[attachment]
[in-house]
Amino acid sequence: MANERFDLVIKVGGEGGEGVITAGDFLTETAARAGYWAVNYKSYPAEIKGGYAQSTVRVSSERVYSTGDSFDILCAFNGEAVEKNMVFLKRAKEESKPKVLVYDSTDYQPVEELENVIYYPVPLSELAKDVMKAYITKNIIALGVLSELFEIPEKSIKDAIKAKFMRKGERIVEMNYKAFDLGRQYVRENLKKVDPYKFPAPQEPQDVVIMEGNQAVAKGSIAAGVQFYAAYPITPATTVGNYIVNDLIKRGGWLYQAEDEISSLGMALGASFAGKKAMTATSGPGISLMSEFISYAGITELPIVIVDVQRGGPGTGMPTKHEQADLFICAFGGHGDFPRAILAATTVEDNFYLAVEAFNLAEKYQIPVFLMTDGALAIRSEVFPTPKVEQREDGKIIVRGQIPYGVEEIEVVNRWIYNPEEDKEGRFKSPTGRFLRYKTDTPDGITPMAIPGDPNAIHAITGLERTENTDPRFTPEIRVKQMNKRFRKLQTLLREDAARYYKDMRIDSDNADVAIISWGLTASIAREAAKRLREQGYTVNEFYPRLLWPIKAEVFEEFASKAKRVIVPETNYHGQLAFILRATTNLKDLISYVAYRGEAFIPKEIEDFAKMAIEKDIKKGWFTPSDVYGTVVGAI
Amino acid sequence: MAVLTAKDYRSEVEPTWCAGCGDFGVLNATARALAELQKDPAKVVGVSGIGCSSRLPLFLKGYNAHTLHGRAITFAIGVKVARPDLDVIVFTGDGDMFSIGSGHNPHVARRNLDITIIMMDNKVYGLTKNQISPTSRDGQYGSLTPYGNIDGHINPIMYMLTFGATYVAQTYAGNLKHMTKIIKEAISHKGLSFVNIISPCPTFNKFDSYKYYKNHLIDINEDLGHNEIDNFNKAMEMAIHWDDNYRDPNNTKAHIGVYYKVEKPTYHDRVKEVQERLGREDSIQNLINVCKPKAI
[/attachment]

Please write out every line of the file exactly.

[in-house]
Amino acid sequence: MANERFDLVIKVGGEGGEGVITAGDFLTETAARAGYWAVNYKSYPAEIKGGYAQSTVRVSSERVYSTGDSFDILCAFNGEAVEKNMVFLKRAKEESKPKVLVYDSTDYQPVEELENVIYYPVPLSELAKDVMKAYITKNIIALGVLSELFEIPEKSIKDAIKAKFMRKGERIVEMNYKAFDLGRQYVRENLKKVDPYKFPAPQEPQDVVIMEGNQAVAKGSIAAGVQFYAAYPITPATTVGNYIVNDLIKRGGWLYQAEDEISSLGMALGASFAGKKAMTATSGPGISLMSEFISYAGITELPIVIVDVQRGGPGTGMPTKHEQADLFICAFGGHGDFPRAILAATTVEDNFYLAVEAFNLAEKYQIPVFLMTDGALAIRSEVFPTPKVEQREDGKIIVRGQIPYGVEEIEVVNRWIYNPEEDKEGRFKSPTGRFLRYKTDTPDGITPMAIPGDPNAIHAITGLERTENTDPRFTPEIRVKQMNKRFRKLQTLLREDAARYYKDMRIDSDNADVAIISWGLTASIAREAAKRLREQGYTVNEFYPRLLWPIKAEVFEEFASKAKRVIVPETNYHGQLAFILRATTNLKDLISYVAYRGEAFIPKEIEDFAKMAIEKDIKKGWFTPSDVYGTVVGAI
Amino acid sequence: MAVLTAKDYRSEVEPTWCAGCGDFGVLNATARALAELQKDPAKVVGVSGIGCSSRLPLFLKGYNAHTLHGRAITFAIGVKVARPDLDVIVFTGDGDMFSIGSGHNPHVARRNLDITIIMMDNKVYGLTKNQISPTSRDGQYGSLTPYGNIDGHINPIMYMLTFGATYVAQTYAGNLKHMTKIIKEAISHKGLSFVNIISPCPTFNKFDSYKYYKNHLIDINEDLGHNEIDNFNKAMEMAIHWDDNYRDPNNTKAHIGVYYKVEKPTYHDRVKEVQERLGREDSIQNLINVCKPKAI